Duke University uses vaporized hydrogen peroxide to clean N95 face masks for reuse
With shortages of N95 face masks persisting nationwide, healthcare facilities are scrambling to find ways to clean and treat the masks for reuse to protect doctors and nurses most at risk of exposure to COVID-19.
Duke University thinks it has found a solution using vaporized hydrogen peroxide to decontaminate the masks.
The process uses specialized equipment to vaporize hydrogen peroxide, which can then infuse all the layers of the mask to kill germs (including viruses) without degrading mask material.
“This is a decontamination technology and method we’ve used for years in our biocontainment laboratory,” said Scott Alderman, associate director of the Duke Regional Biocontainment Laboratory, in a statement.
The university said it has proven effective and will begin using the technology at all three of its hospitals, according to Matthew Stiegel, the director of the Occupational and Environmental Safety Office at Duke.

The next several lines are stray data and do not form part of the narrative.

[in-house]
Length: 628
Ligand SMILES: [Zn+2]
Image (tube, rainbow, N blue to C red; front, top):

Ideally, the hospitals would be able to use fresh masks and not need to try to decontaminate their masks, but these are not ideal times.
Duke’s decision to use hydrogen peroxide to decontaminate N95 masks is based on published studies conducted in 2016, but the practice wasn’t widespread, because the industry wasn’t facing shortages. Those earlier studies also didn’t include fit-testing — or the resizing of masks for individual wearers — after cleaning. Duke has now done that efficacy testing in the real world, the university said.
“The ability to reuse the crucial N95 masks will boost the hospitals’ ability to protect front-line healthcare workers during this time of critical shortages of N95 masks,” said Cameron Wolfe, MD, associate professor of medicine and infectious disease specialist.
Monte Brown, MD, vice president at Duke University Health System, said the Duke team is working to spread the word about the technique, making the protocols widely available. He said several health systems and many pharmaceutical companies already have the needed equipment, which is currently used in different ways, and could ramp up operations to come to the aid of their local hospitals.
“We could stand up in front of our staff and state with confidence that we are using a proven decontamination method,” Brown said. “It has been a proven method for years. While this alone will not solve the problem, if we and others can reuse masks even once or twice, that would be a huge benefit given the current shortages.”